Representation + Interpretation Part IV

Read Part I Here.

Read Part II Here.

Read Part III Here.

As Descartes tells us, the only knowledge that we can trust is our own,  hence his famous dictum cogito ergo sum, “I think, therefore I am.”[1]

Descartes’ argument is that everything, including reality, is doubtful. But by thinking about, even doubting in some way, his own reality, it only affirms his existence, for once you think, you think of something. Descartes’ stance can also be seen interpreted in another contemporary cinematic piece: The Matrix.

The Matrix takes place in a cyber-punk future and depicts a world after a 21st century war between humans and machines, with the latter being the victor and enslaving humans, trapping them in a virtual simulation of 1999, in which the protagonist of the film attempt to free them from. Human existence is thus merely a façade; a ruse; a dream world. Or so we are told. It is contrary then that we are also told that if one dies in the Matrix, that person dies in “real life” because “the mind makes it real.”

So what then is real? Is it the world “re-presented” to those whose minds are still trapped in the Matrix, or is it the cold, desolate world that their bodies (and only their bodies) physically exist in? When the main protagonist ask this very question – what is real – the response he receives is rather contriving: “If you’re talking about what you can feel, what you can smell, what you can taste and see, then ‘real’ is simply electrical signals interpreted by your brain.”[2] It is interesting to note then that in neurobiological terms, “‘reality’ is little more than a representational model of the world, a construct generated by multiple neural circuits acting in parallel. This model is based on sensory experiences received by the brain via the senses, which can detect only the narrowest range of stimuli.”[3] But is it truly merely a “representational model”? If so, if our reality is only a representation – an enacted matrix (the comparison to Inception is intentional) – when does our view of reality simply considered to be? I say that acknowledging that it is a loaded question, for the state of “being” is simultaneously universal and obscure. So how then can reality be framed in a term which is – and has been – so difficult to define?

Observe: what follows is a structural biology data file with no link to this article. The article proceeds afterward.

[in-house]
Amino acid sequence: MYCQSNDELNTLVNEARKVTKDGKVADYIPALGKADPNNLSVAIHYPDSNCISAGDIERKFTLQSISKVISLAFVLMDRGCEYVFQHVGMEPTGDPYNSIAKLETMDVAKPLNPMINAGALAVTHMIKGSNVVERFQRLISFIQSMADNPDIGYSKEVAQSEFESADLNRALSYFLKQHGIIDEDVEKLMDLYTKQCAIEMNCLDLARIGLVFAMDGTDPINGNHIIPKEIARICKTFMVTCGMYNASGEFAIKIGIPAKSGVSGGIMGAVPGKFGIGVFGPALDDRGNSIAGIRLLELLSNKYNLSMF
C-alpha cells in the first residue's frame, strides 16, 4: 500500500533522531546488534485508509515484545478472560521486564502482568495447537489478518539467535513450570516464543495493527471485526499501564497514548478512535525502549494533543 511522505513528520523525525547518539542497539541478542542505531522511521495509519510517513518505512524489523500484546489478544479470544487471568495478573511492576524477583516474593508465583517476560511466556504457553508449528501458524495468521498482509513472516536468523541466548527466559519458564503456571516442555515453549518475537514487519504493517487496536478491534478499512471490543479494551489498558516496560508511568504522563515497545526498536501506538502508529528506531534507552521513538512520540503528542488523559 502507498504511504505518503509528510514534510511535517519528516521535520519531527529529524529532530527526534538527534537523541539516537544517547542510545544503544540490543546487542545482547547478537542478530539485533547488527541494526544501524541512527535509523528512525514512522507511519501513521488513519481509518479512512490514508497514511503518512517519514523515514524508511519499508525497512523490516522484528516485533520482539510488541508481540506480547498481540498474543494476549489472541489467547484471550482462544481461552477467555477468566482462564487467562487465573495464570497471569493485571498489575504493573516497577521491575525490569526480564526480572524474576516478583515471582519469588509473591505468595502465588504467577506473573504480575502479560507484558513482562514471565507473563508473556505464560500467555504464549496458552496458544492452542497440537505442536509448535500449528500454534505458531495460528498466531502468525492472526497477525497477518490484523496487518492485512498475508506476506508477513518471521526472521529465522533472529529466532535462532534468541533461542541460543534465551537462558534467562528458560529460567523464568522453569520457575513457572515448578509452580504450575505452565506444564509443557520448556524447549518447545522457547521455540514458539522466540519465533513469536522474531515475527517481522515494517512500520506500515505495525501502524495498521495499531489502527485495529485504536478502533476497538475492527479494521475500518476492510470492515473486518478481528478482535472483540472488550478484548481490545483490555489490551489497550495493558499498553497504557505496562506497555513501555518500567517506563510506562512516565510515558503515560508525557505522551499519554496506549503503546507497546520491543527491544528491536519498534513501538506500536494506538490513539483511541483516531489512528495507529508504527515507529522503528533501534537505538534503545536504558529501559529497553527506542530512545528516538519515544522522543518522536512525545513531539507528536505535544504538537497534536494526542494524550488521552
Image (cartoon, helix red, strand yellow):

As Martin Heidegger puts it, Da-sein, that state of “beingness”, is indefinable, yet, “even though we do not know what being means […] when we ask “What is being?” we stand in an understanding of the “is” without being able to determine conceptually what the “is” means.”[4] Foucault surmises that Da-sein can be described as “presence-to-the-world”[5], and though I do not attempt to analyse either Foucault’s or Heidegger’s work in depth, I do postulate that this “presence-to-the-world”, this Da-sein, is somehow located in our dream state; that state mentioned earlier where we belong, were we be. It is not a representation, meaning we cannot interpret it, at least not in the traditional sense. Of course there exists a plethora of texts, documentaries, etc, interpreting what dreams mean, but that seems to be only in hindsight. When we are situated in our dream, there is no mediate; we thus have an immediate experience, and that phenomena is quite extraordinary.

So what is real? Sadly, in spite of all my rhetoric, I still do not have the answer. Or perhaps I may indeed know the answer yet cannot articulate it in a way that is both simple and cohesive. What I am able to state with a certain level of confidence is that if we continue to postulate and find ways of representing what we believe to be real, then perhaps one day, after intense interpretation, we may discover what we have always known. What that is exactly, is left to be said.

– Peat

[1] Descartes, René. Discourse on Method and Meditations on First Philosophy. 4th. Indianapolis: Hackett Publishing Company, Inc, 1998.

[2] The Matrix. Dir. Wachowski Brothers. Perf. Laurence Fishburne. 1999. Sci-Fi.

[3] The Philosophy of the Matrix. 4 August 2007. 10 December 2013. <;.

[4] Heidegger, Martin. Being and Time. Ed. Dennis J. Schmidt. Trans. Joan Stambaugh. Albany: State University of New York Press, 1996.

[5] Binswanger, Michel Foucault & Ludwig. Dream & Existence. Ed. Keith Hoeller. Trans. Forrest WIlliams. New Jersey: Humanities Press International, Inc, 1985.

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